A fitting celebration of SS0's 40th anniversary



Singapore Symphony Orchestra

Esplanade Concert Hall

Last Friday

Almost 40 years ago to the week, the Singapore Symphony Orchestra (SSO) performed its first concerts at Singapore Conference Hall, led by founding music director Choo Hoey.

The orchestra then numbered 41 musicians, but gave the 1979 audience an inkling of what professional music-making in Singapore was to become.

At its 40th anniversary, present music director Shui Lan helmed a programme that paid tribute to those inaugural concerts.

Two works were reprised. The first was 20th-century American composer Charles Ives’ The Unanswered Question. Its inclusion by Choo was symbolic and rhetorical, as if pondering on an uncertain future of classical music in Singapore or the orchestra for that matter.

That question has, however, been emphatically answered many times over.

Classical music, especially orchestral music, thrives in Singapore today. Even young amateur groups of music-makers now sound more accomplished than the SSO of the early 1980s.

The short mysterious work nonetheless piqued the senses. Muted strings were challenged by David Smith’s trumpet perched high up in the organ loft. This conversation of crossed purposes was interjected by the chatter of a flute quartet, with all involved left none the wiser. Such was the intent of the iconoclastic Ives.

More down to earth was the second reprised work, Beethoven’s Fifth Piano Concerto, popularly known as the Emperor for its sweeping grandeur.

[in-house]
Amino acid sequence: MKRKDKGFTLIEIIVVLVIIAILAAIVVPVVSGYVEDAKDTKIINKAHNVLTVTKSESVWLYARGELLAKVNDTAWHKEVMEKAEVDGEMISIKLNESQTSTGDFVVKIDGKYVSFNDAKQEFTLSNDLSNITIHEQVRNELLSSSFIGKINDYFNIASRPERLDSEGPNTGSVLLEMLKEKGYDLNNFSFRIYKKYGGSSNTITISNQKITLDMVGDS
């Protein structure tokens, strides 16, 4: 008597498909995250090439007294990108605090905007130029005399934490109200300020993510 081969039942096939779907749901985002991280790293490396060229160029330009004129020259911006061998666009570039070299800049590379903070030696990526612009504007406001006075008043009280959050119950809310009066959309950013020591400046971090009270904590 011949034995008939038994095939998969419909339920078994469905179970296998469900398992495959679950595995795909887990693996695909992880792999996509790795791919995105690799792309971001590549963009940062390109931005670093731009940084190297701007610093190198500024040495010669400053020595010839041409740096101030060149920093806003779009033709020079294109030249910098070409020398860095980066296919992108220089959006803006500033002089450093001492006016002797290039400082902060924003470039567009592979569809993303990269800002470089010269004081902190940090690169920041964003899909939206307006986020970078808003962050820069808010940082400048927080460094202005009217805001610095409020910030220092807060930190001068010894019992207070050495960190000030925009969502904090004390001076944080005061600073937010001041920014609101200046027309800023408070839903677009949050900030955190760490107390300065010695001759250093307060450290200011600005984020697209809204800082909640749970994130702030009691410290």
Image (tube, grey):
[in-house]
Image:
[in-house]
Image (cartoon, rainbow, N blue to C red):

Lim Yan, the first Singaporean to perform all five Beethoven piano concertos here as a cycle, was the ideal soloist. That he got every note down pat was a given.

His projection of unruffled authority, full-blooded tone and a sheer sense of joy that radiated through its three movements made this a most rewarding outing.

The concert’s opening work was also the first Singaporean work performed by the fledgling SSO.

Dayong Sampan by the late Leong Yoon Pin, considered the father of Singaporean composition, was a heady fusion of Western and Eastern idioms.

Amid a commotion of brass fanfares and buzzing strings, the emergence of the Malay melody on solo oboe represented a quintessential Singaporean musical moment. Like the year 1965, this 1980 composition has rightly become a landmark and an icon.

If the first half sounded promising, the second was even better.

Shui had replaced Schubert’s Unfinished Symphony (another symbolic choice of Choo’s) with Beethoven’s Seventh Symphony. The faster tempos he adopted were close to perfect as there were no moments for the music to lag.

Even the first movement’s slow introduction sounded swift and the second movement’s variations unfolded with inexorable purpose.

As if to demonstrate the orchestra’s prowess, the final two movements were taken at a breathless pace and the effect was thrilling. Just as the symphony clocked in under 40 minutes, SSO’s 40 years has felt like a breeze.

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